By Una Galani
February 1, 2016
It’s hard to bury a big scandal. That is the awkward lesson that Najib Razak is learning. The Malaysian prime minister is attempting to draw a line under a multi-pronged financial controversy that almost toppled him. But initial findings from Switzerland’s attorney general that around $4 billion may have been misappropriated from Malaysian state firms is a sharp reminder of the lingering threat posed by foreign investigations.
Even by the standards of Malaysian politics, it has been an extraordinary few days. On Jan. 26, the country’s chief prosecutor concluded that $681 million that was transferred into the Prime Minister’s personal account in 2013 was a donation from the royal family in Saudi Arabia, not money from 1Malaysia Development Berhad, an indebted fund he championed. Najib was cleared of graft. Three days later, however, Swiss authorities published preliminary conclusions from its own probe into 1MDB which found that billions may have been squirreled away between 2009 and 2013.
The Swiss findings implicate former Malaysian officials and current and former ones in the United Arab Emirates. Four companies are in the frame: PetroSaudi, a privately-held Saudi oil company; former 1MDB subsidiary SRC International; Malaysian conglomerate Genting, and ADMIC, a joint venture with Aabar Investments – which is ultimately backed by Abu Dhabi royal Sheikh Mansour bin Zayed al-Nahyan. The findings are also uncomfortable for Goldman Sachs as the Wall Street bank, which helped raised $6.5 billion for 1MDB, was closely involved with two of these entities.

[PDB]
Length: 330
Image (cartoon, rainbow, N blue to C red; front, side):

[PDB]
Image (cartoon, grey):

However, Najib himself does not appear to be the focus of the inquiry. It is highly doubtful that any of the four ongoing Malaysian probes into 1MDB will result in any outcome that hurts the prime minister. After all, the present attorney general’s predecessor was axed by Najib at the height of the funding furore.
The happiest outcome for Najib would be for the investigations in Switzerland and elsewhere to also fizzle out. Malaysia says it will cooperate with its Swiss counterparts. Yet foreign investigators’ dependence on domestic help has helped to stymie past inquiries, including a more than decade-long probe into alleged money laundering by former president of Pakistan Asif Ali Zardari and his late wife former Prime Minister Benazir Bhutto – both of whom always denied the charges.
Najib still has the domestic support he needs to stay on top. But the foreign probes into 1MDB are a continued embarrassment at best. At worst, further revelations could prove a fat tail risk for the prime minister – and for Malaysia.